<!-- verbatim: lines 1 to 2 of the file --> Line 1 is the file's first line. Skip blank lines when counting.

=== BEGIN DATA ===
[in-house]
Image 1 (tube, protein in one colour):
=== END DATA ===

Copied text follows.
[in-house]
Image 1 (tube, protein in one colour):